Saturday, December 15, 2012

Post-audition thoughts

Hey everyone! I can't believe that I haven't updated since August.  Time flies by so quickly.  It's been a very busy semester.

The people reading this probably already know that I took an audition a couple of weeks ago for the President's Own Marine Band.  I really wanted the job.  I mean, it's in my top list of dream jobs.  I'm a bit of an optimist and daydreamer, and I could see all of my dreams unfolding in my head at the mere thought of getting this job.  I would think, I'll get this job, I'll be performing full-time, I won't have to save every penny, and eventually I'll have enough money to get my own place, get another horn, get my doctorate, and I'll be in one area settled for some time so maybe I could become established as both a musician and dancer in one area, I even already have friends in DC, and I can finally be in one place long enough to actually have a personal life, and maybe even find my future husband, and we can settle in the DC, and I'll finally have health insurance, and I can pay back my loans, and...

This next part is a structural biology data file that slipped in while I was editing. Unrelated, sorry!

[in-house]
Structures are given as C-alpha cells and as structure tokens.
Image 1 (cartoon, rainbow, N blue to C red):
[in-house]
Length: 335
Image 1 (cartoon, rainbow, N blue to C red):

Wait, I didn't even advance past the first round.  Derp.

I really did dream up that scenario.  I really did fantasize about my whole life falling into place pending I won this job.  I think a lot of people do this.  Now, you'd think I'd have been devastated not making it past the first round, especially since I advanced last year, and I advanced in a couple other auditions this year too... but for some reason, I wasn't.  I mean, I had my moment where I cried in the bathroom, but that's all I needed (I firmly believe in not holding emotions back - find a safe way to release them or else they will build up inside of you and come out at the worst possible moment).

I then started to question why I wasn't devastated.  I know this may seem silly to some to question a good thing, but I wanted to analyze why I was totally fine, even after dreaming up my ideal life connected to this audition.  I knew something about me was different.

Technically, I've been out of school and on my own for two and a half years.  But my first year out of school, I still worked for USF as a bus driver (having a Masters degree doesn't make your need to eat any less!), so I was still somewhat in the cocoon of campus and a regular paycheck (albeit a VERY small paycheck).  I had occasional orchestra and quintet gigs, but my main occupation was driving the bus.  I've only been a full-time freelance musician for about a year and a half, and this is the time I've truly considered myself to be "out on my own" because I'm actually in my chosen career field now.  Being self-employed has taken me to a whole new level of organization and responsibility.